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Butterflies of the Indian subcontinent
Common Nawab
Polyura athamas  DRURY, 1773
Family - NYMPHALIDAE
subfamily - CHARAXINAE
Tribe - CHARAXINI
Polyura athamas, Buxa, West Bengal, India  Adrian Hoskins
Introduction
There are 24 species in the genus Polyura, most of which are found in the Oriental region, although one species posidonius is restricted to Tibet and west China. Additionally there are 6 or 7 species endemic to various islands, e.g. andrewsi from Christmas Island and caphontis from Fiji; and one, pyrrhus, which reaches Queensland in Australia.
The butterflies are characterised by their distinctive wing shape with twin tails on the hindwings, a feature shared with Charaxes, within which Polyura is included by some workers. Polyura species generally have dark brown uppersides, with bands of creamy white which vary in size and shape according to species. These bands are repeated on the underside, usually in a beautiful shade of pale green. In a few species such as delphis the underside is almost entirely white.
There are 8 species occuring in India - athamas, arja, schreiber, moori, narcaeus, delphis, dolon and eudamippus.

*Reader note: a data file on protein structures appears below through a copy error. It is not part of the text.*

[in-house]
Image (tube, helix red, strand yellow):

Polyura athamas is the commonest and most widely distributed species. It is found in India, Nepal, Sri Lanka, Bhutan, Tibet, Myanmar, Thailand, Malaysia, Vietnam, China, Laos, Cambodia, Taiwan, Brunei, Kalimantan, the Philippines, Sumatra, Sulawesi, Java, Lombok and Timor.
Polyura athamas, Ultapani, Assam, India  Adrian Hoskins
Habitats
This species is found in forested areas at elevations between sea level and about 800 metres.
Lifecycle
The egg is spherical, shiny and yellow. It is laid on the underside of leaves of the foodplants. The larva when fully grown is dark green with 3 prominent white diagonal stripes, and several thinner stripes, all of which converge on the back to form a series of V shapes. It has a large head with a flat face, adorned with a crown of 4 impressive long horns. It feeds nocturnally on the foliage of various trees and shrubs including Albizia, Acacia, Abarema, Adenanthera, Delonix, Peltophorum and Leucaena ( Fabaceae ), Grewia ( Malvaceae ), and Caesalpinia ( Caesalpinaceae ). The plump rounded pupa is green, streaked with white on the abdomen and wing cases. It is attached by a stout pedunculate cremaster to a twig or stem on or near the foodplant.
Adult behaviour
Females are rarely seen and probably spend most of their lives in the forest canopy, but males are common and often seen imbibing mineralised moisture from damp sand, gravel, or road surfaces. Often 2 or 3 athamas or other Polyura species can be found aggregating at dung or carrion. When feeding the butterflies are almost oblivious of humans. If deliberately disturbed they fly up rapidlt to settle on tree foliage nearby, but return as soon as they sense danger has passed.
Polyura athamas, Ultapani, Assam, India  Adrian Hoskins
 

 

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